Most of the attention, as the Dutch went to the polls on election day, has been on the two frontrunners: the centre-right VDD party of Prime Minister Mark Rutte, and the far-right Party of Freedom (PVV) leader Geert Wilders, who both voted in The Hague.
However more than two dozen parties are running in the election. Several are targeting a place in a future coalition, with some tipped to play a very influential role.
Jesse Klaver also cast his ballot in The Hague. His small Green Left party is forecast to emerge one of the main groups in parliament.
The 30-year-old son of a Moroccan father and part Indonesian mother struck a very different tone from at least one of his rivals.
“Geert Wilders is losing momentum in the polls. We’re gaining momentum in the polls. And I think that’s the message we have to send to Europe. You can’t stop populism but what I would say to all my left-wing friends in Europe: don’t try to fake the the populace. Stand for your principles. Be straight. Be pro-refugee. Be pro-European,” Klaver said.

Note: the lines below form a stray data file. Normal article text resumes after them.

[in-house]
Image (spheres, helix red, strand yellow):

The leader of the Liberal Democrats D66 party, Alexander Pechtold, voted in the town of Wageningen near Arnhem.
With a campaign stressing education and jobs, the party is hopeful of achieving the best result in its 50-year history.
Under the Dutch proportional representation system, many parties are set to gain representation in the 150-seat parliament, in a vote described as highly unpredictable.Dutch election in quotes